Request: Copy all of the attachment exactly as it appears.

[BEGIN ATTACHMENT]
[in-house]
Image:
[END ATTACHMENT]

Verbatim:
[in-house]
Image: